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What does a pergola cost?

What does a pergola cost?
Kate Stoupas/Getty Images
What does a pergola cost?
Kate Stoupas/Getty Images

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For those seeking shade, pergolas are so hot now. Online searches for construction kits have more than tripled since 2021, says Wayfair’s 2022 Outdoor Trends report.  While the name may sound unfamiliar, you’d know one if you saw one: It’s al fresco, open, squarish structure, either attached to a house or free-standing, that consists of four columns and roofing beams or rafters. Traditionally, the ceiling is open, though some have a completely closed cover to shelter you from the elements.

“A hot glaring sun and cold wet winds can both be successfully subdued with a pergola that is constructed with careful consideration to design and orientation,” says Shaun Martin, a real estate expert based in Denver.

Building a pergola can be a sizable investment. According to Angi, the contractor search service, costs range from $10 to $60 per square foot, depending on the materials used, the size, and other factors. Our guide dives into pergola costs and whether it’s a wise idea to tackle construction as a DIY project.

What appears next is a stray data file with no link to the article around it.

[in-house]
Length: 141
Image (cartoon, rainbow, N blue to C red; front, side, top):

Types of pergolas

Pergolas can built in two basic ways Here are the different kinds and costs associated with each:

  • Prefab: Prefab kits come ready to assemble. You’ll receive the material (wood, vinyl, etc.) pre-cut and notched. Prefab kits can run you from $600 to $7,500. You can buy a prefab kit and retrofit it to your property’s requirements.
  • Custom: Creating a pergola from scratch means having materials cut and designed at your exact specifications. Custom pergolas can run as high as $15,000, making them more expensive on average than prefab kits. There are exceptions, though, depending on the material:  A prefab kit consisting of vinyl material is costlier than custom options with treated lumber, according to Fixr.com.

What influences a pergola’s cost?

A variety of things can impact the price tag of a pergola.

The size of your pergola affects how much it costs. The smallest size for one is 10-feet by 10-feet and is $1,100-$3,000 for a prefab kit or $1,700-$4,500 for a custom one. Conversely, the largest ones available (20’x20’) cost $6,000-$10,000 for prefab pergolas and $5,000-$15,000 for custom jobs.

Moreover, the materials you use will also impact your investment.

Pergola Prices by Material

Material Average costs for prefab kits Average costs for custom Characteristics
Source: Fixr
Metal $500-$3,000 N/A Lighter weight, it’s durable and offers fresh looks depending on metal selected
Wood $500-$10,000 $500-$9,000 Exotic woods like (Redwood or pine) for a unique appearance
Alumawood $1,500-$3,000 N/A Inexpensive, looks like wood but is more resistant to the elements due to its aluminum treatment
Fiberglass $1,500-$10,000 N/A Low maintenance, durable material that meshes well with contemporary designs